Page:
Hacker: If the hacker remains undetected they will continue to look for design flaws, known bugs or configuration issues in your application or operating system. If they can persist on target and elevate access to more resources, they may achieve their desired effect.

  • Command and Control 

Cocktail: Take some time out and enjoy a minty cocktail with zero-alcohol, a ‘Virgin Mojito.’ This is not only good for your breath but helps present yourself as someone still being in control. You may be singing badly on karaoke but you still have reasonable faculties and hold it together.

Hacker: The researcher’s actions result in having the staying power to remain on target and control their actions remotely. The implant deployed during installation is now ready for data extraction or further reconnaissance. There is a beacon of hope once that communication channel has been established, all whilst putting in diversions to keep ahead of the game.

  • Actions on Objectives

Cocktail: No cocktail recommendations here, just a bit of advice. Have a glass of water before you drop or smash a few glasses, or buy too many drinks for your friends or even tip your drink onto a friendly bystander. You will do it all over again, so learn that rehydration is important.

Hacker: The hacker may have accomplished their goals for now but they may not stop there. If your data is compromised it could be used by a malicious actor to cause an effect or by an ethical actor to show you the errors of your ways. I hope it is not the former but the latter. Now ask yourself what you would do in each situation.

For a detailed journey into the hacker mindset, check out How Hackers Hack: Attacker Methodology and Exploitation — a step-by-step look into the seven steps of the kill chain, from Reconnaissance to Actions on Objectives. 

Back to the bar, for reference we’ve included a full cocktail recipe list for the above-mentioned cocktails – enjoy! 

Cocktail List
Kir Royal Add a small dash of creme to cassis to a flute and top with either champagne or a good quality sparkling white wine.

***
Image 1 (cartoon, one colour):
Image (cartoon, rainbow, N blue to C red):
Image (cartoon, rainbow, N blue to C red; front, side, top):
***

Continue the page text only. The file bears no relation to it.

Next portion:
Whiskey Mac 1 1/2 ounces blended scotch, 1 ounce Stone’s original green ginger wineFill an Old Fashioned glass with ice. Add scotch and green ginger wine, and lightly stir to combine.
Harvey Wallbanger 1 1/2 oz (3 parts) Vodka, 1/2 oz (1 part) Galliano, 3 oz (6 parts) Fresh orange juiceStir the vodka and orange juice with ice in the glass, then float the Galliano on top. Garnish and serve.
Grasshopper 1 oz (1 part) Crème de cacao (white), 1 oz (1 part) Crème de menthe (green), 1 oz (1 part) Fresh cream and a sprinkle of chocolate. Pour ingredients into a cocktail shaker with ice. Shake briskly and then strain into a chilled cocktail glass.
Sloe Gin Fizz   1 1/2 ounces sloe gin, 1 ounce lemon juice, freshly squeezed, 3/4 ounce syrup, club soda, to top, garnish with lemon wedge and cherry. Add the sloe gin, lemon juice and syrup into a cocktail shaker with ice, fill a highball glass with ice and pour. Top with soda and garnish.
Virgin Mojito 20g/¾oz of mint, 3 tbsp caster sugar,150ml/¼ pint fresh lime juice, plus a few lime slices or wedges to serve, 2 handfuls ice, 1 litre/1¾ pint chilled soda water (ingredients for a pitcher – probably needed). Pick the leaves from the mint and put in the base of a large jug. Sprinkle over the sugar, then pour over the lime juice.Add some ice, then pour over the chilled soda water. 
Water Go to the kitchen, take a glass from your cupboard. Put the tap on. Fill your glass and drink it…